What do Seattle, Silicon Valley, Berlin and Cambridge (both Cambridges) Have In Common?By Guest 14 Oct, 2009
Editor’s Note: Wong Meng Weng co-founded pobox.com and karmasphere.com during his time in the US. In Singapore, he works with a venture-funded Red Herring Global 100 company on new product strategy. He has taken over 10,000 photographs of random strangers. When he takes yours, you will like it so much it will become your profile pic, or your money back.
They’re all home to hacker spaces.
Part living room, part hardware lab, hacker spaces are beginning to mushroom: back in March, Wired counted over a hundred hacker spaces around the world.
And “mushroom” is a surprisingly apt analogy: outside of tech hubs like the San Francisco Bay Area, hackers have traditionally stayed underground, like fungal hyphae, gathering furtively at 2600 events or at conferences like HOPE and SIGGRAPH and various motley Barcamps.
But in the last few years conditions have reached critical mass: after Make Magazine legitimized engineering as an avenue for creative expression, a generation of nerds have started to stumble, blinking, into the sunlight.
Where do nerds go when they leave the house?
I beg your pardon: they’re not quite nerds, they’re not just geeks; they’re hackers.
Hackers go to hacker spaces.
Starting in November, Singapore’s hackers will have a hacker space of their own: hackerspace.sg.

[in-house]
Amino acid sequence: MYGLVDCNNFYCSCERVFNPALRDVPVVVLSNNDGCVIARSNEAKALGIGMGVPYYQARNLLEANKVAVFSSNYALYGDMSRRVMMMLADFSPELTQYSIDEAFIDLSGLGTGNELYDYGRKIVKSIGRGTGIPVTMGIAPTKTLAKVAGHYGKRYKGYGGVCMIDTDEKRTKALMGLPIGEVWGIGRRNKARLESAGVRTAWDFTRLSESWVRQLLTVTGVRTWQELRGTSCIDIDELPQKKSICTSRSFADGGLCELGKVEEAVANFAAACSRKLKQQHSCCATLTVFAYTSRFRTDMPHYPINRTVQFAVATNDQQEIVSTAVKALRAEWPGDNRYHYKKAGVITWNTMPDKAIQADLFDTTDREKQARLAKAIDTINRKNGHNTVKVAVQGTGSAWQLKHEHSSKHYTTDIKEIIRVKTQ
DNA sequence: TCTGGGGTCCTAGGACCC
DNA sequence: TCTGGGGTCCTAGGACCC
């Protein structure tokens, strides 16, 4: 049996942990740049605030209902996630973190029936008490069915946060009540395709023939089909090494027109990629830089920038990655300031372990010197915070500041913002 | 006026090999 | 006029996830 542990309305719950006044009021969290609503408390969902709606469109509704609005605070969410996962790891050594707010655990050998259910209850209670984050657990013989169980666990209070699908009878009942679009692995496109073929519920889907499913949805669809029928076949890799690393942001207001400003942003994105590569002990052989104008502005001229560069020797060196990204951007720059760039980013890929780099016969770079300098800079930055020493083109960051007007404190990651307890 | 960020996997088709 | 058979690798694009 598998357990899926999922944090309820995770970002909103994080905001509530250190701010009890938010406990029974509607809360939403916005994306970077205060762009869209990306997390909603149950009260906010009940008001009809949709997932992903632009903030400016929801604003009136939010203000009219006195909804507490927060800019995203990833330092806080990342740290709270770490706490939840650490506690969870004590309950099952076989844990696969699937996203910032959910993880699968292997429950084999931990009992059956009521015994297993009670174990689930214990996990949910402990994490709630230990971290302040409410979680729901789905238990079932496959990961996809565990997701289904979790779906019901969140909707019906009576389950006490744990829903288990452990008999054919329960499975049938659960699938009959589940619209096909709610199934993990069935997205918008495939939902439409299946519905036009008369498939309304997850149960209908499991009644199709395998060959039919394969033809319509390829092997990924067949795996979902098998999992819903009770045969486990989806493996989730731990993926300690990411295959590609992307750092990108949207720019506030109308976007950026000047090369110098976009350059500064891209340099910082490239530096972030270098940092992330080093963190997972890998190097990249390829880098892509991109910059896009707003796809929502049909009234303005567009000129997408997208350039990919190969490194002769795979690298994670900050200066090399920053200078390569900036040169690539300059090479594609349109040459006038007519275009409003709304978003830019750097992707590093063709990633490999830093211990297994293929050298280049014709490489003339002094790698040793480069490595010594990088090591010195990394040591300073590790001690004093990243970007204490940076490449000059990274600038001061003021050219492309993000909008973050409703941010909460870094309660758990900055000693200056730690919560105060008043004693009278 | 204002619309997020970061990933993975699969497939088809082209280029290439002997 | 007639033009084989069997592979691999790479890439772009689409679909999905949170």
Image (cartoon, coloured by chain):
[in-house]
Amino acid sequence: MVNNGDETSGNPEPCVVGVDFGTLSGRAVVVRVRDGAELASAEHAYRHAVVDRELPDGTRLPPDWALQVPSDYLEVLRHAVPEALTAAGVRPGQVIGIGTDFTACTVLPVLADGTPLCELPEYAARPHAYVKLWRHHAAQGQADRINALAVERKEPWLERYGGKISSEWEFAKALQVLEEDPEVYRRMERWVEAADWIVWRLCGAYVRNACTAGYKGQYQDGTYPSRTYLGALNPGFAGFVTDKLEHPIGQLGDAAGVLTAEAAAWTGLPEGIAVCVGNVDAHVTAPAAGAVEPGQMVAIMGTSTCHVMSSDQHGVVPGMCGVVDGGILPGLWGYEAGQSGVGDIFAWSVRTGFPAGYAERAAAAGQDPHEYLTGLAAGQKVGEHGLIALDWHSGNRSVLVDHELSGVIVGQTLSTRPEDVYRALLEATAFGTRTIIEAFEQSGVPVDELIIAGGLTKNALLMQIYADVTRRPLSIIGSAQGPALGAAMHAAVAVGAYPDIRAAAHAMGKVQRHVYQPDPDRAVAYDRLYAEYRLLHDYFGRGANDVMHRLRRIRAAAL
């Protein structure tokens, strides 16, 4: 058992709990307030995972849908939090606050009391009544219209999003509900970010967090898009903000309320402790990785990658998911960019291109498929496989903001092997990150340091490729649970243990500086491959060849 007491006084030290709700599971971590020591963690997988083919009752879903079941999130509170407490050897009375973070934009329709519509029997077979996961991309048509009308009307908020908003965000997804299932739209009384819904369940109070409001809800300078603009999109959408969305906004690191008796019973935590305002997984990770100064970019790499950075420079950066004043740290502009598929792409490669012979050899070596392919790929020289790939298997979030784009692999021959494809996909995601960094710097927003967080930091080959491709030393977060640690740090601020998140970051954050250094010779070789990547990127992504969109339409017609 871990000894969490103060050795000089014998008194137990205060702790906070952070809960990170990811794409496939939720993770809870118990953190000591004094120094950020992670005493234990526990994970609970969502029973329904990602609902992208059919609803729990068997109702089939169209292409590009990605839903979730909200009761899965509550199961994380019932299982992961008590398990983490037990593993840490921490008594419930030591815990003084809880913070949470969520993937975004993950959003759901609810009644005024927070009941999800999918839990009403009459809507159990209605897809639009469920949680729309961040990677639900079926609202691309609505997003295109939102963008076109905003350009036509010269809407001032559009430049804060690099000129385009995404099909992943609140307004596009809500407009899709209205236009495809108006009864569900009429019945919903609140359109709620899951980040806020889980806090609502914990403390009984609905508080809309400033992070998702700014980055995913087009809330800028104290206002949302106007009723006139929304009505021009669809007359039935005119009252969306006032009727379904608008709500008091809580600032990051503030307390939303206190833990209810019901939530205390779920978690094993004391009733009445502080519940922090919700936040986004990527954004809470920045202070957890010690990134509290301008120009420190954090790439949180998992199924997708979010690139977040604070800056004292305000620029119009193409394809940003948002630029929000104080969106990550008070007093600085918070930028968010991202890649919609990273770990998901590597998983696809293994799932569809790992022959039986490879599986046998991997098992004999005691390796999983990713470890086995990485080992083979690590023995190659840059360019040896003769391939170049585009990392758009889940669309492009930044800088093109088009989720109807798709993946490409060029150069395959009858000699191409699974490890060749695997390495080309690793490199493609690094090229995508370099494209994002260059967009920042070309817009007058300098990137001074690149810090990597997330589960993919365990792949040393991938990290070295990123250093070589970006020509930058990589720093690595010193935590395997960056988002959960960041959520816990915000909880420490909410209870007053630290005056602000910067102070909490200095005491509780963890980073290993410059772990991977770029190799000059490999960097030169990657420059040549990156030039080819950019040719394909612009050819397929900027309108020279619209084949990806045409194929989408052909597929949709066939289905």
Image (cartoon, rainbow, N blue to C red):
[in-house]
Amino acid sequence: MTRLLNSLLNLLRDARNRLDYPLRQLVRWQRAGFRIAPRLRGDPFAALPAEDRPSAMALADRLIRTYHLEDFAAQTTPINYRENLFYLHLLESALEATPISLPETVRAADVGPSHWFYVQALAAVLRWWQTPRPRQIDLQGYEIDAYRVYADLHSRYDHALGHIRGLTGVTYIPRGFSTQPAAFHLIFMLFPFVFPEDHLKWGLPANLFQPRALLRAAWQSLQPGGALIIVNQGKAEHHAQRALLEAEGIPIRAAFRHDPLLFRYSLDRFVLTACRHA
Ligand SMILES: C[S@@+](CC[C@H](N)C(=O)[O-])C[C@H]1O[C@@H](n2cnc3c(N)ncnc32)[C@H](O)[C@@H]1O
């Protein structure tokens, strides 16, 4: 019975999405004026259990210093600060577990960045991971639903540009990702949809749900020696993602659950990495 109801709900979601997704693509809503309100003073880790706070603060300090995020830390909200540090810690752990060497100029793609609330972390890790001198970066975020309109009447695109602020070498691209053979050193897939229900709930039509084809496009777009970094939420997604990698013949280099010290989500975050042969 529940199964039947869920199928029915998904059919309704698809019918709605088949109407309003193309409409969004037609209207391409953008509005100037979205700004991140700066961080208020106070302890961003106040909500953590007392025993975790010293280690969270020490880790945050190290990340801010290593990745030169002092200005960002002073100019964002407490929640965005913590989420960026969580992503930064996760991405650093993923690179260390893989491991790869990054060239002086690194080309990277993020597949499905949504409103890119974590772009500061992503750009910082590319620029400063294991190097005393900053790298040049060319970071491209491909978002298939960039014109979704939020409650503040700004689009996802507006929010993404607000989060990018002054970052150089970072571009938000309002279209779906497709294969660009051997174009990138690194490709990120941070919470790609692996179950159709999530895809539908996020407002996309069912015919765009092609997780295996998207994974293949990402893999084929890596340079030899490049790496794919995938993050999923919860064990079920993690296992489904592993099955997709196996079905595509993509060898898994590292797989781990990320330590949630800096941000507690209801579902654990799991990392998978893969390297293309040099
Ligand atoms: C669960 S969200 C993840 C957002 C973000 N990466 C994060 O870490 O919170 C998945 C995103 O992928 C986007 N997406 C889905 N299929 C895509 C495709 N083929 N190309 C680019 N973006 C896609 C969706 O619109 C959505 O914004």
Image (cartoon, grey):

By day, hackerspace.sg will be a co-working shared office for entrepreneurs and independents. For people who want to get out of the house, but don’t necessarily want to make Starbucks their second home.
When night falls, the hackers come. Out of the darkness. Dressed in black. Like vampires. Geeky vampires. Who build robots. Because they have Asperger’s.
If you’re a hacker –
– if you misspent your youthful Saturday nights building Linux boxes…
– if your mental map of Sim Lim is oriented along green elevator vs blue elevator…
– if your childhood heroes were Richard Feynman, Einstein, Coyote, or Ji Gong and the Monkey King
– if your inner five-year-old never stopped asking “why”, and more importantly, “why not?”…
Come meet the others.
Hackerspace.sg will offer a space to build things and the tools to build them with.
It will also serve the community’s need for meetup spaces: rather than scrounging space at community centres, library branches, and off-peak restaurants, user groups can now meet at the hackerspace on any night of the week.
There might even be SuperHappyDevHouse weekends and TED talks and movie nights:
(“Bambi?” you ask. Yes, Bambi. What, don’t you like Bambi? Is there something wrong with you?)
Where will the hackerspace be?
After much house-hunting, the hackerspace.sg organizers settled on the Kampong Glam area: it’s bohemian, funky, artsy, and very close to good food at all hours.
The membership drive is now officially open. Regular memberships begin at $128 per month. Youth members pay $64. The hackerspace requires a six month commitment, three months payable upfront. If you’re really broke, you can pledge $32 and wash dishes while everybody else relaxes on the sofa.
Sponsors are also welcome: old wealthy hackers are welcome to donate $1024 or more.
How to join as a member?
Leave a pledge at the bottom of http://hackerspacesg.pbworks.com/HowToPledge. We’ll ping you again when it’s time to cough up the funds.
And join the mailing list, and post a description of yourself: what makes you a hacker? What hacks have you accomplished in the past? What are you working on now?